We have an extra week on Shadow coming up in a few days, but the forecast is for night-time temperatures below freezing, and daytime temps not much above. The big question is: Will the cut be frozen? (Grand Union in Warwickshire) If the boat is iced in there won't really be much point going. Hmmm.
No, it's a piling boat. Spotted on the Grand Union just east of Leamington Spa last month. I looked up the company's website, trying various options before hitting on the right one: ale-piling.com (well, it looks like flale or feale before the hyphen, doesn't it? Ah - I see it now: a monogram combining the letters "A L E" presumably depicting the operation of piling.
According to the website:
"ALE Piling is the country's leading installer of steel sheet piling using side grip technology."
And what, you might ask, is "side grip technology"? The company explains:
"Surprisingly, side grip technology is not a new idea, it has been in this country for about 10 years with varying levels of success. As opposed to traditional installation techniques, where all installation and extraction is carried out from the top, side grip technology is as it says, gripping from the side."
... to meet up with Maffi and Bones. First, though, I woke up on Shadow, moored, you recall, outside Stockton Top Marina on the Grand Union. The fire had gone out overnight, and it was cold on board. Got dressed, had breakfast. No toast (why did you take all the bread, David?) Carried on with cleaning, including emptying the stove and ash pan etc. When I tried to slide the slide open it was stuck fast. I didn't immediately realise why this was so; then I noticed that all the puddles of water were solid. No wonder I'd woken up cold: the whole place was frozen up (apart from the canal). I was so keen to finish cleaning and packing and get going that I neglected to take any photos.
At last (1030) I'd finished loading up and I could drive away. Only I couldn't: the car was iced up. It took so many attempts to start the engine that I thought the battery would surely die and I'd have to get assistance. Finally it fired, and kept going. Good. Now all I have to do is navigate my way south through the thick fog.
Which I did, with the bicycle hanging out of the boot as on the way here. A sat nav would have been handy as I found that there's probably been a new road built bypassing Southam since my map was printed. Never mind: Southam wasn't busy, and there were some nice old buildings.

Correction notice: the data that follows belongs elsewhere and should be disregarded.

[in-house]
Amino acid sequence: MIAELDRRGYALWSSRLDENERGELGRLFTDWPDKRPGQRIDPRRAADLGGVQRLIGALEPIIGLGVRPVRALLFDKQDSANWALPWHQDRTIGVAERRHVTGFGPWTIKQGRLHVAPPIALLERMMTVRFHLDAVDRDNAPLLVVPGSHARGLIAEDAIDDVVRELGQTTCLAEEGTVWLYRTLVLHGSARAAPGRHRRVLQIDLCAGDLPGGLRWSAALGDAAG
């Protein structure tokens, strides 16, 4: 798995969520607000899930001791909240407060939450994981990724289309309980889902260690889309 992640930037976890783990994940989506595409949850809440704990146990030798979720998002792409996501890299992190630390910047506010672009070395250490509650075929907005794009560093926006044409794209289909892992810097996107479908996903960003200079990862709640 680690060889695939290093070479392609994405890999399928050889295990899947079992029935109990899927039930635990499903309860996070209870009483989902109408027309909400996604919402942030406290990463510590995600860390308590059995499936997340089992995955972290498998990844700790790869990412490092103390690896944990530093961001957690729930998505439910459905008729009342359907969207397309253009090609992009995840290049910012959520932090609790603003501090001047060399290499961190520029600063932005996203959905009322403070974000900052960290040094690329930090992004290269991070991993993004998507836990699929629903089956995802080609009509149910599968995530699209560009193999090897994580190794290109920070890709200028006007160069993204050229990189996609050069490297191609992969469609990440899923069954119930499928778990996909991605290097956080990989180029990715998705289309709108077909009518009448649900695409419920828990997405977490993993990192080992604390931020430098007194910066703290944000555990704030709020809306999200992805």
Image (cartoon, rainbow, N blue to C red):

In an hour or so I was driving alongside the Oxford Canal. Yes - there was Millie M... and NB Bones. And there, too, was Maffi himself. I unloaded one or two things, then drove Maffi to the shop for some doughnuts which we ate on his boat with a couple of cups of very welcome coffee. Takes it out of one, driving through fog! While we waited for Bones to be let out of work Maffi and I walked down to their new moorings, complete with private car park - very nice! We found a kayak in the undergrowth with Maffi's name on it (metaphorically speaking). We walked back to the pub, and had just sat down with our drinks, when the leather-clad Bones arrived (fresh from her motorbike, that is.) We had lunch (ham, egg and chips for me, very good) and then repaired to NB Bones for coffee. Actually, I should be careful about saying the word "repaired" in relation to Bones: we did a little "unrepairing" (tearing away some lining in the bedroom) in readiness for her rebuilding of it.
I was fortunate not to be embarrased with the discovery that it was Bones's birthday as I had brought a few small gifts, Just no birthday wrapping paper.
While it was still light Bones suggested a trip on her dinghy. Of course, we all agreed it would be a splendid thing to do, especially with the outboard engine. To prepare the outboard it had to be given a drink of gearbox oil. It's very thirsty, apparently.
Maffi with outboard engine and funnel for feeding it
And then we wobbled away from the bank and motored past huge narrowboats, their blackened steel hulls towering above us. And I took a few piccies.
sunset over Millie M and Bones
the Yellow Peril powering along the Oxford Canal
Dusty trying to swamp us with wash (or should that be trying to wash us with swamp?)
more sunset pictures over Maffi's and Bones's moorings
We managed not to fall in, even when disembarking. I thought we were safe, but then Bones wanted to try one of her birthday presents: a lethal-looking device for making fire! This was a sort of everlasting match which produced enormous sparks. The idea was to try to ignite some special tinder and thence paper etc.
After much persistence Bones got this to work. This was thankfully on the bow and not inside (where are the gas bottles?)
I had promised Jan I wouldn't be too late, so, after a most enjoyable few hours, I dragged myself away and drove home via Milton Keynes. Thanks Maffi and Bones, I look forward to our next encounter. One of these days it really will be by boat!